Spice Blend: Sambal Belacan

In a previous post featuring an Indonesian spice blend called Sambal Terasi I noted that one of the ingredients, a dried shrimp paste called Terasi, is also known on Malaysia as ‘Belacan’. Not unnaturally,  Malaysia has a preparation similar to Sambal Terasi called Sambal Belacan, and, as with the Indonesian variety, there is a great deal of diversity in the constituent ingredients and the methods of preparation.

My Sambal Terasi interpretation was a simple, raw (and fiery) preparation that cleaved to the basics, but today, I want to try something a little more complex. Last year, my wife brought home from Singapore a jar of a commercial paste called ‘Sambal Belecan’ and I enjoyed it so immensely that it was used up in no time at all. I am hoping, with this experiment, to try and reproduce the taste…

The Ingredients

  • 1 ½ cups fresh red chili peppers, seeded and chopped;
  • 1 medium Tomato, seeded and chopped;
  • 1 small Onion, chopped;
  • 4 cm. thick slice of Belacan (Terasi);
  • 6 cloves Garlic, chopped,
  • 2 slices fresh Ginger, chopped;
  • 1 3” piece of Lemongrass;
  • 1 slice dried Galanga;
  • 1 tbsp. Coriander seed;
  • 1 ½ tbsp. Sugar;
  • 1 ½ tsp. Salt;
  • 2 tbsp. Lime juice;
  • 1/3 cup Oil.

The Method

First, toast the coriander seeds in a dry pan and then grind them together with the dried Galanga. Sift the result to remove any hard fragments that still survive. Toast the Belacan in a dry pan at fairly high heat, breaking it up as you do so until it forms a dry crumbly powder.  This is quite an ‘aromatic’ operation and, though I like the smell, some people like to keep the windows open or do it outside. Finally, finely chop the lemongrass stalk and then grind it to a paste along with the salt using a mortar and pestle.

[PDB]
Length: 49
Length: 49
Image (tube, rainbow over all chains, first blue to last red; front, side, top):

Blend all the ingredients in your food processor until it becomes as smooth a paste as possible.

Heat a suitable pan over a high flame and add the paste. Once it begins to steam and bubble vigorously, you will need to stir constantly as it cooks to keep it from sticking to the bottom of the pan and burning. As the moisture cooks out, you will see that the mass begins to pull away from the sides and bottom of the pot as you stir. Once the oil starts to separate out, the cooking is done.

Allow to cool and then transfer to a suitable jar or other receptacle for storage.

The Verdict

Taste-wise, this experiment came remarkably close to the commercial Sambal Belacan that my wife brought back from Singapore. That product, however, was a little tangier than mine as I recall, and I rather think that there was more tomato in the blend. It was a also less of a chutney consistency than it was a smooth sauce and I think that, in a future experiment I may pass the blended paste though a sieve before cooking to achieve the same smoothness. Still, that being said, I am very pleased with the result and I am looking forward to using it. My further culinary plans for today were to Barbecue skewers of lamb with sesame, cumin and chili but the weather has been just too darn miserable so far. Unless things change, I may have to think of something else instead. Possibly a spicy lamb curry using this paste?

 

 

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